Inside the 6-0 road trip that has changed the Cubs' season

ATLANTA -- Just how well is it going for the Chicago Cubs in the second half?

On Wednesday, a starter about to be pulled from the rotation pitched into the fifth inning without giving up a hit or walk, then hit his first career home run off a fastball from knuckleball pitcher R.A. Dickey of the Atlanta Braves. Then the guy who replaced reigning National League MVP Kris Bryant, who left the game holding his finger after sliding into third base in the first inning, hit a home run followed by a single while making all the plays in the field.

Everything is going right after a first half that went wrong in so many ways. The Cubs are a season-high-matching four games over .500 and are inching their way toward first place in the NL Central, making up four games since the All-Star break to sit 1½ games behind the Milwaukee Brewers. They haven't felt this good about themselves since around midnight last Nov. 3.

"We've had this energy since the beginning of the second half in Baltimore," manager Joe Maddon said after Wednesday's 8-2 win over the Braves. "I'm more into feel stuff. I'm feeling the guys more mentally involved and I love that."

The dugout is alive and even the clubhouse has a pre- and postgame energy to it. It's the first time the Cubs have ever swept a six-game road trip coming out of the All-Star break, according to Elias Sports Bureau research, and it's the first time they've won their first six post-break games (home or away) since 1935. They took down the Baltimore Orioles and then the Braves, outscoring them 44 to 17.

To wit:

  • The Cubs hit .316 with a .377 on-base percentage and clubbed a league-leading 16 home runs over the past six games.

  • Their starters' ERA was a combined 2.00 over the past six games after compiling a 4.66 mark in the first half.

  • Javier Baez went 10-for-20, including 10 for his last 15 during the trip.

  • Addison Russell and Willson Contreras both were 9-for-22 (.409) during the six games, and Contreras increased his batting average while hitting cleanup this season to .333. He's hitting .380 in July.

The trip was an early second-half test which included three rain delays, and the Cubs passed with flying colors. Maddon could not have been more proud.

"Magnificent," the manager exclaimed. "The rest definitely does help. The approach at the plate is a lot better. The whole field is being used."

And Bryant seems to be OK after spraining the pinkie finger on his left hand while sliding into third base. He might miss a day or two, which could be just fine as backup Tommy La Stella homered and singled after entering the game for Bryant.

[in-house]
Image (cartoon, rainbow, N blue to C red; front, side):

"That spot in the order did not make an out until [La Stella] popped out in his last at-bat," Maddon said, referencing Bryant's first-inning double before departing.

As good as some of the Cubs hitters were, lefty Mike Montgomery was just as good on the mound -- and at the plate. He'll likely cede his spot in the rotation and head back to the bullpen when 2016 ERA leader Kyle Hendricks returns from the disabled list in the coming days, but Montgomery went out with a bang. He cracked a 393-foot home run and threw his best game of the season. He didn't take home a base, like Jon Lester did after swiping his first-ever bag on Monday, but he did get the home run ball back.

"I was happy about that. I got done pitching and came back in here and the ball was at my locker," Montgomery said with a smile before getting serious. "The All-Star break was great for us. Since we've been back, there is a great vibe around here. We're not too worried where we are in the standings, but we've been playing really good baseball."

That sentiment was repeated several times by different players after their latest win, but perhaps this trip meant the most for Russell. After a difficult first half that saw him go through a public separation from his wife and face accusations of domestic violence, he's starting to look like his old self again at the plate and says spending time with family during the break made the difference. He hit a dramatic game-winning home run in the ninth inning of the trip opener after the Orioles had fought back from an eight-run deficit to tie the game.

Russell's homer was one of two key plays during the win streak, according to Maddon. The other came when Contreras blocked a ball with the bases loaded and the tying run on third in game four against the Braves. Closer Wade Davis was about to blow his first save of the season, but Contreras helped keep him perfect.

Russell is sensing something different since the break.

"We're all on the same page," he said. "We're all-in. We're back to playing some Cubby baseball. Aggressive, having some fun and winning some ballgames."

Russell repeated that first part again later in his postgame interviews, so perhaps he's trying to start something -- maybe a new T-shirt slogan: "We're all-in."

The vibe everyone has been waiting for is definitely back, though considering the two teams the Cubs swept are below .500, there's still work to be done. And second place doesn't sit well with the defending world champions.

"The way we're approaching the game right now in the second half is the way we should be," said Kyle Schwarber. "We're having fun and sticking to business."